Moringa oleifera commonly popular as moringa, drumstick tree (from the long, slender, triangular seed-pods), horseradish tree (from the taste of the roots, which resembles horseradish), and ben oil tree or benzolive tree (from the oil which is derive from the seeds). It is widely cultivate for its young seed pods and leaves used as vegetables and for traditional herbal medicine. It is also use for water purification.
Moringa is a fast-growing, deciduous tree which is grown in home gardens and as living fences in South Asia and Southeast Asia, where it is commonly sold in local markets. In the Philippines and Indonesia, it is commonly grown for its leaves which are used as food. Moringa is also actively cultivate by the World Vegetable Center in Taiwan, a center for vegetable research. India is the largest producer of moringa, with an annual production of 1.2 million tonnes of fruits from an area of 380 km².
Many parts of moringa are edible, with regional uses:
Immature seed pods called “drumsticks”: They are prepare by parboiling, and cooked in a curry until soft. The seed pods/fruits, even when cook by boiling, remain particularly high in vitamin C (which may be degrade variably by cooking) and are also a good source of dietary fiber, potassium, magnesium, and manganese.
Leaves: The leaves are the most nutritious part of the plant. Being a significant source of B vitamins, vitamin C, provitamin A as beta-carotene, vitamin K, manganese, and protein. When compared with common foods particularly high in certain nutrients per 100 g fresh weight. Cooked moringa leaves are considerable sources of these same nutrients. Additionally the leaves are cook and use like spinach, and are commonly dry and crush into a powder use in soups and sauces.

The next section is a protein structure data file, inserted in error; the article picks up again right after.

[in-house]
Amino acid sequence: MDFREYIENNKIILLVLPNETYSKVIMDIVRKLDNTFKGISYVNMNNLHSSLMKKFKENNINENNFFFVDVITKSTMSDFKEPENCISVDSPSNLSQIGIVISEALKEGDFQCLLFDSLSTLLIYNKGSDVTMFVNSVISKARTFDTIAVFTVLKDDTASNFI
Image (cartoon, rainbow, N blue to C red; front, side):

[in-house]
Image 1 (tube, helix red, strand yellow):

Mature seeds: The seeds, sometimes removed from more mature pods. And eaten like peas or roasted like nuts. Contain high levels of vitamin C and moderate amounts of B vitamins and also dietary minerals.
Oil pressed from seeds: Mature seeds yield 38–40% edible oil called ben oil from its high concentration of behenic acid. The refined oil is clear and odorless, and resists rancidity. The seed cake remaining after oil extraction may be use as a fertilizer or as a flocculent to purify water. Moringa seed oil also has potential for use as a biofuel.
Roots: Lastly the roots are shred and used as a condiment with sharp flavor qualities deriving from significant content of polyphenols.
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